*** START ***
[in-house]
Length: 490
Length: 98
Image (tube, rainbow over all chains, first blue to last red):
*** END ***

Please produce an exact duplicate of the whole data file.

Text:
[in-house]
Length: 490
Length: 98
Image (tube, rainbow over all chains, first blue to last red):